# [extropy-chat] what is probability?

Rafal Smigrodzki rafal.smigrodzki at gmail.com
Wed Jan 17 16:34:51 UTC 2007

```On 1/16/07, gts <gts_2000 at yahoo.com> wrote:
> On Mon, 15 Jan 2007 18:44:23 -0500, Rafal Smigrodzki
> <rafal.smigrodzki at gmail.com> wrote:
>
> > ### I would see it this way: The meaning of "random" is "obeying the
> > principle of indifference, where the sample space is unambiguously
> > described". If the sample space is exactly two outcomes, then each one
> > must occur 50% of the time, or else the coin is weighted, and the
> > tosses are not quite random anymore.
>
> Hmm, I think this is not at all what is or should be the definition of
> "random".

### Yeah, I agree, I was to some extent being rhetorical :)

--------------
>
> As the word is normally defined, a series of tosses of an unfair coin
> still result in a completely random sequence! How can you suggest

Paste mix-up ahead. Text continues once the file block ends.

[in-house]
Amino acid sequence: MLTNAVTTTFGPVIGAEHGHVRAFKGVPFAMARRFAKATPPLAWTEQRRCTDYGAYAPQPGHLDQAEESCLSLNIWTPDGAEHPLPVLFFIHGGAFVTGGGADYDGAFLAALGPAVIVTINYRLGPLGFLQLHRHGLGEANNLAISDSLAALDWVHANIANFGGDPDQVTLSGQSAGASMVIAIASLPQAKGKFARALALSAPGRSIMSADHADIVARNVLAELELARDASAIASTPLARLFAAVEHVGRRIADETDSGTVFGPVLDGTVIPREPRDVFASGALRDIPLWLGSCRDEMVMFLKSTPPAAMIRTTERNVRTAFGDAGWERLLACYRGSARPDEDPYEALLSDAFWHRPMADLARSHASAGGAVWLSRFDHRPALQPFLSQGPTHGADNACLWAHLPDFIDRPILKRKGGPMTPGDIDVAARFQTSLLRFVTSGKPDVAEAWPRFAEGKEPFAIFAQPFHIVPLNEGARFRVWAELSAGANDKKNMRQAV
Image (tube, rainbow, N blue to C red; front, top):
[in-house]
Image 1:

> otherwise?

### Now, is that true? Let's say you have an unfair coin, which 99% of
the time drops heads  and only 1 % tails. Would you call the results
of tossing it a "completely random sequence"? What if the coin is only
slightly unfair, dropping 50.0001 % heads? Is the resulting sequence
random?

Note that any deviation from the principle of indifference allows a
player who knows about it to make arbitrarily large amounts of money
betting on the outcomes, given sufficiently long but finite series of
bets. The PI is a corollary of the Martin-Lof concept of randomness.

The PI is not in the definition of randomness, but any statistically
significant deviations from it in a sequence of events let you
conclude the events are not fully random.

Rafal

```